SBC6120 build: day 1(-ish)

SBC6120 (RBC Edition) with all the sockets

Just started on a SBC6120 RBC Edition kit. It’s a DEC PDP-8-compatible single board computer that uses a CMOS chipset from the early 1980s. Yes, it will be very slow, even with the optional speedy 8 MHz oscillator installed. With a 12-bit processor and 32 kilo-words of RAM, this is definitely going to be a Slow Computing device.

Lots and lots of sockets. So many sockets. It’s quite soothing soldering them all in, one hole at a time. It looks like it’ll go more quickly than the Zeta did.

> Does anyone know what each of the pins on the 6502 CPU chip in the Apple II Plus does?
They all plug into the socket on the motherboard to keep the chip from drifting away. – c.s.a2 FAQ of yore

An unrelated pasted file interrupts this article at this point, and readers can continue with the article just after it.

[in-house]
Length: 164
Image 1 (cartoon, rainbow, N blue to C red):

“The Error Message as a bourgeois construct”

If you try to run the (unmodified) BASIC code for Oregon Trail (1975) on PDP-8 BASIC, you get this:

 DI 30
 XC 45
 XC 205
…
 IF 700
 NM 730
… (many, many more lines …)

I thought at first it was a stack trace, but nope — it’s error messages! You need to dig through your trusty language manual, and on page 132 it has a table to explain:

DI ERROR IN DIM STATEMENT
IF ERROR IN IF STATEMENT
NM MISSING LINE NUMBER
XC CHARS AFTER END OF LINE

(and yes, they’re in all-caps. Mixed case? Mixed feelings!)

So whenever Python throws a tantrum (or as it calls it, an exception) and wails at length about its problems, remember PDP-8 BASIC: Two letters + a line number. That’s all.